Of all the components the reservoir gave me the most trouble. One needs a container that can withstand cryogenic temperatures without failure. The vessel also needs to keep heat transfer to an absolute minimum and be constructed of a material with a low heat capacity. Moreover, the vessel needs to be of an adequate size so that the throttle's exit stream liquid does not aerosolized the liquid; yet, it can not be too big that its heat capacity does not significantly slow down the cooling process. Finally, one needs a method to extract the liquid gas.
This is a large list of issues. I found that I could get down to the proper temperature, but I had issues collecting the liquid. When I finally was able to collect liquid air/nitrogen I had problems getting it out. I think going through my failures leading up to my final solution will be the most educational.
This was my first vessel. This was an inexpensive dewar that came with a science project I purchased years ago. There is a small vacuum container between the walls. I fashioned a PVC connector for the top. I was able to successfully collect liquid air in this vessel. The problem was I had no way to get it out. I removed the vessel and liquefied gas from my cooler only to find that the dewar and PVC connector were frozen together. Conclusion: failure.
I fashioned a container out of PVC with a brass cryogenic valve at the bottom. I figured that if the temperature came down slow enough it might hold the liquid nitrogen. This had several problems. I carefully insulated the container with my alumina silica wool in a large cardboard box. I poured liquid nitrogen into it so I could see how it performed. The PVC fractured from thermal stress in multiple places.
I tried again with the PVC. I added a solenoid-driven cryogenic valve. This had the advance of one less connection to the outside. I did not need a metal shaft connected to my valve, which would conduct heat. For whatever reason, the valve froze shut. Since I did this test outside, I believe water and CO2 vapor in the air caused the problem. Nonetheless, this was unacceptable and deemed a failure.
I figured that in order to withstand thermal shock I would need to construct a container out of copper, aluminum or stainless steel. I was not sure how any liquid oxygen would react with aluminum so I did not consider this material. Copper was easy to work with so I went ahead with this option. The copper did handle the temperatures remarkably well. However, the mass of copper and heat capacity thwarted by efforts to cool it down with reasonable efficiency. The vessel was too large for my through-put of cooled gas. Also, copper is such a great conductor of heat I found I could not contain liquid nitrogen in the vessel for too long when I tested it. By test I mean I took the vessel and insulated it with polyurethane foam and alumina silica. I then poured a liter of liquid nitrogen into the vessel. I never was able to achieve a point when there was no boiling.
I also realized that I did not have a good way to get the liquid out. I reverted back to a cryogenic brass valve at the bottom. However, the PVC pipe at the bottom would crack from the thermal shock.
Therefore, this plan was a failure.
I really thought this would work. I made a vessel out of Teflon tubing. It has a low thermal conduction, low heat capacity and it can withstand cryogenic temperature. I machined a connector for the bottom with a very tight fit. I tapped a NPT hole at the bottom. I also used Teflon tubing for draining the vessel. I used the same brass cryogenic valve. I poured a liter of liquid nitrogen in the vessel after insulating it in a polyurethane jacket encased in the alumina silica wool. I found there was minimal boiling of the liquid. The only boiling was at the interface at the bottom connection with the brass release valve and where the bottom cap fit into the tube. The metal valve was just too good a conductor for heat and any boiling was no good. So, this one was close. This vessel may have worked if I had one solid tube of Teflon. This still needs a solution to get the liquid out of the vessel.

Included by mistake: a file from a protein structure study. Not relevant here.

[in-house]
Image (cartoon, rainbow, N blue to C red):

My solution was to use a stainless steel vacuum thermos. This is a plain thermos you can buy in a store or online. The typical size is around 500 to 750ml. I found one that is 1000ml. This is a double walled stainless steel dewar that is insulated with a vacuum. I was able to also mount a 4L dewar, but the capacity was too large for my airflow. With four-times the volume, cooling took four-times as long. This $20 solution was perfect. When I poured liquid nitrogen into the container there was no boiling. I let it sit for a few days and found it to still have liquid, meaning there was a low loss to evaporation.
I machined a Teflon adaptor for the top. The bottle's neck is slightly smaller below the orifice. This allows one to lock it down with three equally spaced machine screws. You need to lock the adaptor down because Teflon has low friction and the expanding gas coming out of the throttle causes enough pressure to pop the top off if it is not secure. Three holes are on the side. One is for the throttle valve control; the other is for the thermometer wire that goes through a fitted plug; the last is for a piece of 1/4" OD Teflon tubing that goes to the bottom of the bottle. A Teflon cap is on the outside end. All fittings are tight to prevent gas from escaping. A slight pressure in the bottle forces liquid through the tubing to the outside when one removes the plug. Thermal insulation surrounds the tubing outside of the cooling tower.